"A Madman’s Diary" is China's first modern short story. The author Lu Xun has been well respected and regarded as one of the most well-known political figures in China (Goldman 446-461). Lu Xun has been praised as the warrior against traditional culture and feudal system.
Unique narrative structure
"A Madman’s Diary" is very special in its narrative structure. Its setup is very different from the traditional narration in that it avoids the use of classical Chinese. Furthermore, the "I narration" is used in the story which makes it very effective to involve the readers in the scenes of the story. Lu Xun did not only open a new chapter in modern Chinese literature but also created a new style of narration. Lu Xun had comprehensive knowledge of Chinese and western cultures. He cleverly borrowed the title of the story from Russian writer Nikolai Gogol whose same title story that was successful in narrating the insanity process of a civil servant. Although the diary style and the first person narrator of Lu Xun's "A Madman’s Diary" were like Nikolai Gogol's, Lu Xun went further away in deepening the content and the theme by adopting creative skills. The story is made of two parts. The first part is the preface which is narrated in classical Chinese, and the second is the main story that consists of thirteen diaries narrated in vernacular Chinese. This kind of setup of narration makes feudal system conflict more vigorous and results in the deep art impression. In the story, there is no time order like the traditional Chinese story. Moreover, the detailed plot, including time and place, is not narrated in detail. The madman's accusation is not limited to certain time and place but extends to the whole 4000 years of history. This style of narration signals the start of modern Chinese novels that penetrates through the past, present, and future (Sun & Xu 40-45).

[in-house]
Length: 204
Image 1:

Metaphors, analogs and irony narrations are extensively applied in the story...
Bibliography: Goldman, Merle. "The Political Use of Lu Xun." The China Quarterly (1982): 446-61. Web. .
Hanan, Patrick. “The Technique of Lu Hsun 's Fiction.” Harvard Journal of Asiatic Studies 34 (1974): 53-96. Web.
Sun, Lung-Kee. “To Be or Not to Be "Eaten": Lu Xun 's Dilemma of Political Engagement.” Modern China 12.4 (1986): 459-485. Web.
Sun, Mu-han and Yan Xu. " A Penetration through the Past,the Present and the Future——An Interpretation of Lu Xun 's Pattern of Narration in The Madman 's Diary." Journal of Shaanxi Normal University (Philosophy and Social Sciences Edition), 37.1. (2008):40-45
Lucy Zhang. "Madman." Home - College of Wooster. Web.
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